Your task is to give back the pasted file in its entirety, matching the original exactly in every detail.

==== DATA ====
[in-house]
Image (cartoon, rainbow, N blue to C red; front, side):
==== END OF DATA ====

[in-house]
Image (cartoon, rainbow, N blue to C red; front, side):